“You had a chance to talk to hundreds of millions of people in over 100 countries,” Prager said of Arquette. “What did you decide to talk about? With women being traded as sex slaves in the tens of thousands under radical Islamic rule in the Middle East and Africa. And what did you decide to talk about? Wage inequality in America. You’re a fool. You’re a moral fool.”

Then the host laid into Legend and Common for ignoring fatherless families in black communities, which he considers a more severe problem than modern-day racism.

“Did you see how many of the actors, actresses, illustrators, documentarians who won an Oscar, how many thanked their parents? Would most black Americans be able to thank their parents for anything?” he asked “No, they’d be able to thank one parent, overwhelmingly, likely, the mother. Is that not more significant? Is than not truth-telling? Instead, you get this lie that there is some great attempt to undermine blacks’ ability to vote because you’ll need an ID.”

He summed up his analysis of Arquette, Legend and Common with this: “It gives you an idea, among other things, of how provincial these people are. They have no sense of human suffering. None. They are spoiled brats. That’s what they are. That’s the disgusting report from last night at the Oscars.”

Limbaugh not only called the show “boring” but also said, in reference to the majority of the nominated films, that the evening “was nothing more than an endless parade of misery, yet again receiving awards for it … The constant liberal state. Everybody's miserable, everybody's unhappy, everybody's agitated, and here's who portrayed it the best. Here's who inspired us to be miserable better than anybody else did.”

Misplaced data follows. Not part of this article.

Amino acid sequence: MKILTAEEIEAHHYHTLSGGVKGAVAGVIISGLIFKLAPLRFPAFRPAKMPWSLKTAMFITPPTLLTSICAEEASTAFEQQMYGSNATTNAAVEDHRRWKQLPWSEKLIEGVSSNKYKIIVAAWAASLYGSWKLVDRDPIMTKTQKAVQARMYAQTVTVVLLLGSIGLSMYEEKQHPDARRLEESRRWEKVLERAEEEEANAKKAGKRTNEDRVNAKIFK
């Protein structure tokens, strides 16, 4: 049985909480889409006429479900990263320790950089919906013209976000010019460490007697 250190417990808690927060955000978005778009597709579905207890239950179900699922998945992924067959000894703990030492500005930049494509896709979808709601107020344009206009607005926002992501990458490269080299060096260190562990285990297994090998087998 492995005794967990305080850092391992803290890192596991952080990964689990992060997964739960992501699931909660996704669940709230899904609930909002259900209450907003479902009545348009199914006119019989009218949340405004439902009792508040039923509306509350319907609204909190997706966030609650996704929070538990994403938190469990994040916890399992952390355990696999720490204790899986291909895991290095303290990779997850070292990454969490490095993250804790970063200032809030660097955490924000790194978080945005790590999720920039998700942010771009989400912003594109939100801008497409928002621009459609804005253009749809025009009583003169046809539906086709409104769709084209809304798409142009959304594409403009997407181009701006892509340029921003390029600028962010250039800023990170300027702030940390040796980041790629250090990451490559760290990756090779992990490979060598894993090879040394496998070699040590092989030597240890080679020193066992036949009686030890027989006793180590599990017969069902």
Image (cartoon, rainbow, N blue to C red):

Naturally, Limbaugh also had some harsh remarks about Arquette, and said her display at the Oscars will make it more difficult for him to enjoy CSI: Cyber, a CBS show that stars Arquette and premieres March 4.



“Darn it. Why did she have to do this? Now I don’t know that I want to watch CSI: Cyber,” Limbaugh said during a segment where he played Arquette’s remarks. “She just started shouting about women’s rights and made it look like women are the most discriminated against. Now, in Hollywood, it’s true. She had a point about Hollywood.”

He also said Meryl Streep has stolen Arquette’s thunder because she responded so enthusiastically when Arquette said, “It’s our time to have wage equality once and for all, and equal rights for women in the United States of America.”

“As soon as Patricia Arquette delivered the money line, Meryl Streep just popped up like she was a jack-in-the-box,” Limbaugh said. “There is an actual term for it. ‘Stealing focus.’ And it’s taboo. It’s considered bush league.”

He concluded with: “To show that they're good liberals and that they're all about fairness and that they are devoted to equality, why don't male stars say, 'I am not going to do this movie unless my female costar earns as much as I do, even if that means I will reduce my demand.' Why don't they do that? They're the leaders. They're the ones with all the answers. They're the big critics. They're the ones that recognize racism all over the place, these libs. They're the ones that recognize sexism all over the place.”

Email: Paul.Bond@THR.com